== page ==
Armando Carvalho in his forest in Santa Comba Dão, in the Center region of Portugal. Photo credit: Armando Carvalho
Cork oaks are well prepared to withstand wildfires. Photo Credit: Pixabay.
Marie Orban, ENPLC: “Thank you, Armando, for being part of the ENPLC community. You have a pretty long experience in the field. How has your land evolved in the last 60 years?”
Armando: It’s a pleasure to be part of this network. I think collaboration is essential to improve ourselves and boost land conservation.
Since 1985 we have gone from 8 hectares to 11 hectares. We started with 90 small pieces of land. And today, we have 75 plots concentrated in the same area to increase our local actions and impact. We had to go through many sales and acquisitions, but we have finally reached our goal—a broader and consolidated estate.
Cork oak. Photo Credit: Pixabay.
Business-wise, 25% of the land is dedicated to agricultural activities. We grow fresh fruits, olives and chestnuts. The 75% remaining are devoted to forestry. In the last 30 years, most of the changes concerned the forest. We refined our production and left aside pine trees and eucalyptus. To protect our land, we returned to native tree species such as oak, cork oak, chestnut, ash, alder and willow trees.
Armando: Indeed, 2017 was a tragic year for Portugal and our region. On October 15th, a severe wildfire crossed 60 km, burned 45 500 hectares, and damaged all the estates in that area, including 20 houses in the village. However, we believed in the kind of forest management and the resilience of native tree species.
After this impactful event, I took the opportunity to start over and rebuild the native forest, which is now more adapted to the Mediterranean climate. Native forests reduce the risk of forest fires, and this aspect can no longer be set aside.
Knowing the different plants and trees and how to manage certain situations is essential. The type of forest I’m now running protects the soil. It hosts more biodiversity, and it helps water retention.
We must prepare the agricultural and forestry ecosystems to resist wildfires without losing profits. I’m finding my inspiration in nature. Everything we need is right there. We need to learn from it. And adapt our processes.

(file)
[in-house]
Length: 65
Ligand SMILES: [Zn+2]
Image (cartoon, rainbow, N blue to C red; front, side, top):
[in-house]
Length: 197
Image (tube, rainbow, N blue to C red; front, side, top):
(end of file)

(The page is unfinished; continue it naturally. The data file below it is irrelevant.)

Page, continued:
A firefighter observes the flames while trying to extinguish a fire in Cabanões, near Lousã, as wildfires raged in Portugal in 2017. Photo credit: Francisco Leong/AFP (via Getty Images)
Rules to resist fires and build resilience on our private land
- Due to climate change, prevention is key
- Let’s observe and learn from nature’s resilience
- Sharing is caring, we need a community-based approach
- Peer knowledge and experiences are part of the solution
- An agroforestry model, including shepherds and/or goats, improves the estate’s resistance to wildfires
Therefore, a ‘regenerative laboratory’ was created to allow landowners and people from the community to share experiences and knowledge. I contacted landowners actively involved in rewilding, re-naturalisation and regeneration in other country areas. Last year, the idea of creating a movement emerged. We want to gather the landowners committed to conservation and sustainability and join our forces.
Jóni Vieira, Montis, Portugal: “The case of Armando is particularly important. Because of the fires, we have now realised that what we have been doing so far in landscape management is not working. Or at least, the results are not what we would have expected.
2017 was a wake-up call. Today we are aware that we need to do things differently. But how to proceed?
By listening to people working on the ground. People who are experiencing and testing, such as Armando. They need to be heard. They need to gain visibility. And that’s why a network such as ENPLC matters.”